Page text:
Shanghai–Emerging markets and developing economies need to “judiciously mix fiscal, monetary and structural policies” to deal with the “heightened uncertainty, market volatility and risk-averse behaviour” caused in wake of Brexit, India has said.

“Brexit has further heightened uncertainty, market volatility and risk-averse behaviour. Governments, central banks and regulators have to mitigate the pressure of such vulnerabilities through judicious mix of fiscal, monetary and structural policies,” Indian Finance Minister Arun Jaitley said in a message at the first annual meeting of the board of governors of New Development Bank (NDB) of BRICS (Brazil, Russia, India, China and South Africa).

The message was delivered by Indian Finance Ministry Joint Secretary, Raj Kumar, who was representing Jaitley at the meeting.

During the meeting on Wednesday, it was decided that India will be the chair of the board of governors of the NDB Bank and host its second annual meeting in 2017.

Indian Finance Minister Arun Jaitley
Indian Finance Minister Arun Jaitley

Jaitley in his message termed the current global economic scenario as “far from robust” and is marked by a modest pickup in some advanced economies from their low levels of growth.

Decline in growth in emerging market and developing economies, increased financial sector volatility and, in general, a downward revision of global growth projections by the International Monetary Fund, are the challenges that lie ahead, he said.

IMF has revised down its forecast for global growth in 2016 and 2017 in view of the uncertainty surrounding Britain’s exit from the European Union. It expects the global economy to grow 3.1 per cent in 2016 and 3.4 per cent in 2017, both 0.1 per cent lower than its forecasts in April.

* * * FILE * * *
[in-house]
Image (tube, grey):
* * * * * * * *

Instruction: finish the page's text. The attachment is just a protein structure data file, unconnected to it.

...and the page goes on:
“The structural problems of Emerging Markets and Developing Economies (EMDEs) continue to affect their growth. The sluggish global trade and low commodity prices have also adversely affected commodity-exporting EMDEs, by aggravating their corporate and other economic vulnerabilities,” he said.

India, has been following the approach of ‘Reform to Transform’ through far reaching structural reforms, he said, listing out initiatives taken to boost investment climate and improve the ease of doing business like the National Infrastructure Investment Fund, the recently-passed Insolvency and Bankruptcy Code 2016 as well as Make in India, Start-up India, and Skill India.

“The Indian government has launched a massive financial inclusion programme. More than 200 million bank accounts have been opened for the unbanked persons. We are now using Aadhaar, a unique identification system with statutory backing, as backbone for targeted delivery of financial and other subsidies, benefits and service,” he added.